So, in answer to question, I never feel pressure to defend my themes, because one of the joys of this job is to create whatever you want and try to make a market for it, regardless of what anybody thinks. Sooner or later, the world is going to slowly figure out that there is no such thing as men’s books or women’s books, or soft themes or hard themes—and what will bring that about is more people writing, regardless of gender, color, or sexual orientation. That’s why I always I encourage people to write and help new authors whenever I can. The more voices we hear, the more open our mind becomes, and that is the magic of books.
Eternal is your first historical-fiction novel. Do you plan to explore any other time periods or historical events in the future?
Eternal is my first novel of historical fiction, and I’m absolutely going to do more. I already have an idea for the next one—which I haven’t shared with my editor yet, so I probably shouldn’t share with you, though I am presently bursting with it. It was wonderful for me to try to write in a different genre, since I never cop to the genre classifications anyway, but just try to write a really great story, and tell it well. Historical fiction poses some challenges, like with respect to research of the period, but all those were so cool and fun to read about and learn. Anytime you write any kind of novel, it presents a whole set of challenges that you have to flip your thinking about and understand how great it is to explore something you’ve always wanted to know about, like fascism in Italy leading up to World War II and how that affected the people who lived there. Why did some people buy in? Why did some people resist? And obviously these questions resonate throughout time and always will. I’ve always been writing about these themes, as I said above, like family, love, and justice, but I wanted to work on a bigger canvas and see what that was like. The answer is—it’s great, so I’m going to do it again and again as long as anybody will let me!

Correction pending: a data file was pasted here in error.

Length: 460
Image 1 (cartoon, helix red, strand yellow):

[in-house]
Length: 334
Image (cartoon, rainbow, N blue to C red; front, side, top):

You often collaborate with your daughter when writing. How does this influence your process?
I’m a single mother and my daughter Francesca Serritella is my only child, so we have a wonderful relationship that’s really fun. We’re quarantined together now, and honestly there’s no one I would rather be with. And you’re right, we did write a series of humorous memoirs together, about our lives as women and also about mothers and daughters, since it’s such a primary relationship for so many of us, but not without its difficulties, even if they’re funny. We both felt that the positive aspects of the mother-daughter relationship could be written about more, since it’s foundational for so many women.